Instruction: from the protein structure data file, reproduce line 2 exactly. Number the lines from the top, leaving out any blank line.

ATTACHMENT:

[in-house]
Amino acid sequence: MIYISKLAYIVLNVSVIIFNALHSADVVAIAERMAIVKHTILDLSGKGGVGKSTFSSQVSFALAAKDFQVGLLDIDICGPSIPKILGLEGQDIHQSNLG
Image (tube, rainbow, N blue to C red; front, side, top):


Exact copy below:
Amino acid sequence: MIYISKLAYIVLNVSVIIFNALHSADVVAIAERMAIVKHTILDLSGKGGVGKSTFSSQVSFALAAKDFQVGLLDIDICGPSIPKILGLEGQDIHQSNLG